Readers of academic essays want you to support your ideas with evidence. What counts as good evidence depends on the subject area and the level of writing that you are trying to achieve. Sometimes information in a textbook is good enough, but sometimes you are expected to do original research to ground your claims.
One standard that applies across disciplines lies in the difference between telling and showing. The fact that you believe something very sincerely, since you are the one who carefully thought about your topic, may be important to you. But readers don't want you simply to tell them what you believe or what you learned; they want you to show them so they can learn it too.
When you present evidence, you should analyze it in terms of the point of the paragraph. That is, try to use some of the same words as the words you use in the sentence that has the point, as well as the thesis sentence. In fact, computer graders look for the integration of your key terms throughout the essay, in order to score it for consistency and unity. Human readers think in a similar way.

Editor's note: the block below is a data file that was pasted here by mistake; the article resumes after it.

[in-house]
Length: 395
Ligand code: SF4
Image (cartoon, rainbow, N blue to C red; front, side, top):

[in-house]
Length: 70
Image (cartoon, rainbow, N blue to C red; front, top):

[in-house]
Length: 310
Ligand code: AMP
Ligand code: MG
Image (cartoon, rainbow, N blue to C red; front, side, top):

Let's try out the paragraph about what is at stake for the wedding party. For the first draft, let's keep to a conversational style. Note that the point comes at the end, that there can be several layers of evidence, and that you can look for key quotations in a later step:
"Katherine's family thought she was never going to get married because of her bad temper. In their society, this would mean that they would be stuck with her forever. Now that she is engaged to Petruchio, they have the chance for some peace; her own sister even says hopefully, 'xxx.' Even though they only had a week to plan, they clearly want the wedding to be perfect: the women wear beautiful dresses, the musicians are playing, and there are flowers everywhere. For once the family is united, and it seems like the future of the whole family depends on the ceremony going according to plan."